5
$\begingroup$

We are planning to do a fully remote clinical trial to test an online intervention for depression. We will be using a self-rated PHQ-9 at base-line, post intervention, and 90 days follow-up to test the efficacy of the intervention.

The participants wouldn't know if they are assigned to the experimental or the control group (so it is definitely single-blind). Since there is no investigator who will be assessing the depression severity, there is no source of any human bias there (since double-blind trials are designed to eliminate investigator bias).

I was wondering if this can be called a double-blind study. I have seen other fully remote trials with a similar design but they haven't mentioned the term double-blind anywhere. Considering the fact that it is the gold standard, I am surprised that investigators did not mention it in their paper. That is the source of my confusion.

Any thoughts are welcome. Thanks in advance.

$\endgroup$
6
$\begingroup$

Double blind basically consists when the patient does not know to which condition it belongs (control, treatment A, treatment B) and the professional does not know to which group he/she is administering the treatment (control, treatment A, treatment B).

The double-blind designation is not based on the fact that the initial level of depression is not assessed. (I guess you know it and it has been erroneously specified in the question).

In online studies this denomination is not usually used although of course it is not incompatible. (The issue is that this denomination is not usually used because the trial is not common either).

In short I do not see problem with the double blind designation.

On the other hand, it would be necessary to pay close attention to the clinical level and the characteristics of the intervention (you do not specify, is the intervention also remote?).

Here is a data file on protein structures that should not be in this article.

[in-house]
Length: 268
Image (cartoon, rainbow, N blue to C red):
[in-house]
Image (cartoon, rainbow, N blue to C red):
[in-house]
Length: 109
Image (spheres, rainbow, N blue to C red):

In any case sounds very interesting.

$\endgroup$
  • $\begingroup$ What I meant by this line "Since there is no investigator ... source of any bias there." is that there is no source of investigator bias which is generally eliminated by masking an investigator. I guess that didn't come off correctly in my question. I'll re-frame it. Yes, the intervention is fully stand-alone and online. I too think that the double-blind designation is fine, but I haven't seen it mentioned in other papers. Considering the fact that it is the gold standard, I am surprised that investigators will not mention it in their paper. $\endgroup$ – Arka Ghosh Jul 18 '17 at 14:58
  • $\begingroup$ Okay, I do not see problem either. To some extent the highest quality assay is currently considered to be the randomized controlled trial. $\endgroup$ – hexadecimal Jul 18 '17 at 15:13
  • $\begingroup$ Yeah. More specifically, it is multi-centric double-blinded randomized controlled trial. $\endgroup$ – Arka Ghosh Jul 18 '17 at 15:15
3
$\begingroup$

If the investigator knows what group the subject is in and then has any interaction with the subject, it is not double blind since the investigator can, potentially unintentionally, influence the subject. The fact that the measures are objective is irrelevant.

$\endgroup$
  • $\begingroup$ Yes, that is true. In our trial there will be no in person interaction with participants of either the experimental or the control group. However, there is a forum in the experimental group where everyone, participants and investigators, will be able to post questions and answer questions. But, that is an extra feature of the experimental group which we think will help participants with their problems. We'll have to think carefully about this interaction. $\endgroup$ – Arka Ghosh Jul 18 '17 at 16:57

Your Answer

By clicking “Post Your Answer”, you agree to our terms of service, privacy policy and cookie policy

Not the answer you're looking for? Browse other questions tagged or ask your own question.